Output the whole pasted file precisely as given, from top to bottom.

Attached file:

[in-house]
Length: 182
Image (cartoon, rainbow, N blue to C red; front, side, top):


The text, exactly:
[in-house]
Length: 182
Image (cartoon, rainbow, N blue to C red; front, side, top):